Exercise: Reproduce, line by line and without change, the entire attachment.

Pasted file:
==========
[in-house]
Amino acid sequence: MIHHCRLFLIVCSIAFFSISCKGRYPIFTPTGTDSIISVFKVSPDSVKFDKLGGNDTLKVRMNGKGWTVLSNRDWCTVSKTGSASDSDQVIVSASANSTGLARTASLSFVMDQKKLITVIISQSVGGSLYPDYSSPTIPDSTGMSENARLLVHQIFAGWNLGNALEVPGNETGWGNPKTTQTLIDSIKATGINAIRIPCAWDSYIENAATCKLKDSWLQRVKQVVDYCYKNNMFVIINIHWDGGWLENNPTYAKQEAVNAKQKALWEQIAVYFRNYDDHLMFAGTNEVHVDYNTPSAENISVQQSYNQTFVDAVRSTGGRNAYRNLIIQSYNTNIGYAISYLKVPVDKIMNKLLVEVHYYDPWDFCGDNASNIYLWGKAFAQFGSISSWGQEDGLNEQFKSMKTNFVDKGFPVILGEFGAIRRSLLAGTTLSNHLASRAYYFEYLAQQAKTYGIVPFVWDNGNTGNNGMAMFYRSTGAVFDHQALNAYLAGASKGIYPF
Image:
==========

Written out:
[in-house]
Amino acid sequence: MIHHCRLFLIVCSIAFFSISCKGRYPIFTPTGTDSIISVFKVSPDSVKFDKLGGNDTLKVRMNGKGWTVLSNRDWCTVSKTGSASDSDQVIVSASANSTGLARTASLSFVMDQKKLITVIISQSVGGSLYPDYSSPTIPDSTGMSENARLLVHQIFAGWNLGNALEVPGNETGWGNPKTTQTLIDSIKATGINAIRIPCAWDSYIENAATCKLKDSWLQRVKQVVDYCYKNNMFVIINIHWDGGWLENNPTYAKQEAVNAKQKALWEQIAVYFRNYDDHLMFAGTNEVHVDYNTPSAENISVQQSYNQTFVDAVRSTGGRNAYRNLIIQSYNTNIGYAISYLKVPVDKIMNKLLVEVHYYDPWDFCGDNASNIYLWGKAFAQFGSISSWGQEDGLNEQFKSMKTNFVDKGFPVILGEFGAIRRSLLAGTTLSNHLASRAYYFEYLAQQAKTYGIVPFVWDNGNTGNNGMAMFYRSTGAVFDHQALNAYLAGASKGIYPF
Image: